Claims of voter suppression have erupted ahead of the mid-term election in the US, with critics saying tougher identification and registration requirements in several states are designed to limit participation.
There have been allegations of voter suppression in previous elections but the claims now are more severe, experts say.
What is happening?
Many states, the majority of them governed by Republicans, have put in place new legislation, saying it is needed to prevent rampant voter fraud.
Those opposed to the measures say the threat is extremely low and argue that their true goal is to prevent specific groups - such as minorities, who tend to favour Democrats - from voting.
"They're occurring in places where Republicans currently have partisan control but they're concerned they might lose it," says Vanessa Williamson, a governance studies fellow at the Brookings Institute in Washington, DC, who has written about the topic.
"It's indisputable that these choices are strategic for several reasons because often enough, local and state election officials have said out loud the intention of removing certain demographics from voting rolls."
Where is it happening?
Since the 2010 election, 24 states have introduced new restrictions.
But ahead of the November vote, attention has mainly focused on three states for different reasons.
Some 1.5 million ex-felons will not be allowed to vote as the state is one of few to bar ex-offenders from voting unless the governor gives them a pardon. That number reportedly included almost 500,000 African-Americans, who traditionally vote Democrat.
The disenfranchisement law was implemented by Republican Gov Rick Scott, who won two gubernatorial races by a margin of just 60,000 votes. He is now running for the Senate.
Mr Scott reversed a policy that had restored rights to tens of thousands of felons, blocking tens of thousands of others from getting a chance to vote.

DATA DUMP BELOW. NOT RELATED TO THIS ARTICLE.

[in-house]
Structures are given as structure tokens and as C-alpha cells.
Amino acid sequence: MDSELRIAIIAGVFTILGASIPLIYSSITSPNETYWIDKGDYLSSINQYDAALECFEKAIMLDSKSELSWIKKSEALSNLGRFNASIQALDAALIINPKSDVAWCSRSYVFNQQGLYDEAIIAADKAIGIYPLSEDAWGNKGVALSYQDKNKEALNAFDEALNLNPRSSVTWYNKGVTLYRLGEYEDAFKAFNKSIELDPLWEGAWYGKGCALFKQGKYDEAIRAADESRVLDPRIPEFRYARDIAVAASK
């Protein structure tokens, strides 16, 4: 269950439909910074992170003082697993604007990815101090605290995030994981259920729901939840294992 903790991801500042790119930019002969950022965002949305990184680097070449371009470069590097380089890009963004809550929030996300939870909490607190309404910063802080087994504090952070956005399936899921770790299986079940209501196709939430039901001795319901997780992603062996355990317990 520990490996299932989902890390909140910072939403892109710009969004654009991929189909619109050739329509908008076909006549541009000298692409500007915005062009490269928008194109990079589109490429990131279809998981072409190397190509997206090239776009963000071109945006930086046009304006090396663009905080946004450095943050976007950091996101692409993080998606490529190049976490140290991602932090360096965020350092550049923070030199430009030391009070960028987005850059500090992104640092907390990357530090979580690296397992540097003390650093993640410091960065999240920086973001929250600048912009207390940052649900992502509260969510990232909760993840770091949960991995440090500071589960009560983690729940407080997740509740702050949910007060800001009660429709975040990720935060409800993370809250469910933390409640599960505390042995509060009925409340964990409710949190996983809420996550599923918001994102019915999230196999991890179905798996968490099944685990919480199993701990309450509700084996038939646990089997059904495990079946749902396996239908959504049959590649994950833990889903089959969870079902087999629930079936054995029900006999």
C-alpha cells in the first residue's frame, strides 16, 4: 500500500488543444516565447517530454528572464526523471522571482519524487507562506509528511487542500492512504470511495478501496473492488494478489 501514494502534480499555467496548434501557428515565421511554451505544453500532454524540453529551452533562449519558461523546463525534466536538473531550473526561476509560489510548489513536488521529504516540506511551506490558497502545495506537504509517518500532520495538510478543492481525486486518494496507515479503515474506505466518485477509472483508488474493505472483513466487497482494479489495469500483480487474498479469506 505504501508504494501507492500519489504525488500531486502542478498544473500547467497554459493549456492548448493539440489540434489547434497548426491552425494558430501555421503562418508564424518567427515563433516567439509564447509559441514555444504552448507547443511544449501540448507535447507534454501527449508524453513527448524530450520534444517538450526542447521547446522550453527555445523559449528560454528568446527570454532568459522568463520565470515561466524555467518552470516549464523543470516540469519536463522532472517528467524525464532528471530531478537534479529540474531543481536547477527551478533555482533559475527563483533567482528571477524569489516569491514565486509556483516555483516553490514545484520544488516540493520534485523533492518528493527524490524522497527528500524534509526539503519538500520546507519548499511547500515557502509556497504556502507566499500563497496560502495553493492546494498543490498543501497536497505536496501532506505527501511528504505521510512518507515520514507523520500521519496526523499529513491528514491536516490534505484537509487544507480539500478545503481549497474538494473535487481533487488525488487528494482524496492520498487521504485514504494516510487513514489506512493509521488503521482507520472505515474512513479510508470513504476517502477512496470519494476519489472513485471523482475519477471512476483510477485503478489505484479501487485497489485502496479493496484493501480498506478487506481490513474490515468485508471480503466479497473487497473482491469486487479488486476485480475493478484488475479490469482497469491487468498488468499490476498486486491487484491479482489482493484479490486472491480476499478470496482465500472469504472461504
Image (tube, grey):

The race for governor is a tight one between Democrat Andrew Gillum, who wants to become the state's first black leader, and Republican Ron DeSantis. Mr Scott is facing Democrat Bill Nelson for a Senate seat in another highly contested fight.
On election day, voters in Florida will also be asked to decide whether to restore voting rights to ex-felons.
It is a change that could have a significant impact in a key swing state with 29 electoral votes - in 2016, Donald Trump won over Hillary Clinton by just 112,000 votes.
More than 50,000 voter registration applications - 70% of them from African-Americans, according to the Associated Press - have been put on hold due to alleged problems with identification information.
That is because of the "exact match law" that requires the application to have exactly the same information existing on the voter's driving licence or Social Security databases. People whose applications are now pending have been required to confirm their identities, and that is the source of confusion.
Georgia's Secretary of State, Brian Kemp, the Republican candidate for governor, has denied any attempt at voter suppression - in his post, he oversees the election process. His campaign says those affected can solve any problems before or on election day.
The state's race is one of the most fiercely contested in this election. Democratic candidate Stacey Abrams is hoping to become the country's first black female governor, and says the new law, passed last year, is designed to "make it harder" for people to vote.